Indian Journal of Endocrinology and Metabolism

BRIEF COMMUNICATION
Year
: 2012  |  Volume : 16  |  Issue : 8  |  Page : 506--508

Endocrine manifestations of celiac disease


R Philip, PP Patidar, S Saran, P Agarwal, TVS Arya, KK Gupta 
 Department of Endocrinology, LLRM Medical College, Meerut, Uttar Pradesh, India

Correspondence Address:
R Philip
G10, PG hostel, LLRM Medical College Campus, Garh Road, Meerut-250004, Uttar Pradesh
India

Abstract

Background: Celiac disease can have extra gastrointestinal tract (GIT) presentations, most of which are endocrine. The aim of this study was to present patients diagnosed to have celiac disease from an endocrine department and to study the prevalence of endocrinopathies in celiac disease. Materials and Methods: A total of 36 patients from the endocrinology department (LLRM Medical College, Meerut) between January 2011 and July 2012 and who were diagnosed to have celiac disease were included in the study. Results: Short stature was the commonest presentation (25%), other presentations included short stature and delayed puberty (20%), delayed puberty (11%), screening for celiac disease in type-1 DM patients (17%), rickets (6%), anemia not responding to oral therapy (6%), type-1 DM with recurrent hypoglycaemia (6%), and osteomalacia (3%). The endocrine manifestations include (after complete evaluation) short stature (58%), delayed puberty (31%), elevated alkaline phospahatase (67%), low calcium (22%), X-rays suggestive of osteomalacia or rickets (8%), capopedal spasm (6%), and night blindness (6%). Anti-TPO antibody positivity was found in 53%, hypothyroidism in 28%, subclinical hypothyroidism in 17%, and type-1 DM in 25% of the patients. A total of 14% patients had no GI symptoms. Conclusion: Celiac disease is an endocrine disrupter as well as the great masquerader having varied presentations including short stature, delayed puberty, and rickets. Some patients who have celiac disease may not have any GI symptoms, making the diagnosis all the more difficult. Also, there is significant incidence of celiac disease with hypothyroidism and type-1 DM, making screening for it important in these diseases.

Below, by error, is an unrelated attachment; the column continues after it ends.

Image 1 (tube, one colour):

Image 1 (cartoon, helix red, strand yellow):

How to cite this article:
Philip R, Patidar P P, Saran S, Agarwal P, Arya T, Gupta K K. Endocrine manifestations of celiac disease.Indian J Endocr Metab 2012;16:506-508


How to cite this URL:
Philip R, Patidar P P, Saran S, Agarwal P, Arya T, Gupta K K. Endocrine manifestations of celiac disease. Indian J Endocr Metab [serial online] 2012 [cited 2020 Jul 6 ];16:506-508
Available from: http://www.ijem.in/text.asp?2012/16/8/506/104149


Full Text

 Introduction